If this criticism leads to violence, the problem is not with the critics, but is internal with the religion. We do not silence our criticism out of fear that we will offend. Criticism often hurts. The truth is often painful. Rather than criticize the filmmaker who made the offending film in question, we should instead be criticizing the outrageous response to that film. We should not criticize the free speech that allows a filmmaker to create such a film. We should criticize the fact that religious people’s “sensibilities” are so offended that they feel that violence is justified. That is where the problem lies. The simple fact that a cartoon or film of a religious figure can incite this type of violence is not a problem with the filmmaker, it is a problem with religion.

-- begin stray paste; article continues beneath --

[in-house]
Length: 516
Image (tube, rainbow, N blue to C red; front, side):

So while I feel that Mitt Romney’s comments were asinine, the reason I feel that way is because he did not have all of the facts before speaking, chose to politicize an event that he shouldn’t have—at least not so early, and the fact that what he said was just plain false. Obama never did what Romney said he did. However, I do agree with Romney on one point—we should not be apologizing to the Arab world for the film. We should not be saying that this film was insensitive or should not have been made. What we should be saying is that it is a freaking movie, a work of fiction and it is in no way acceptable for any movie to cause the type of violence that we are seeing today. No one should ever die because someone made a movie that others find offensive.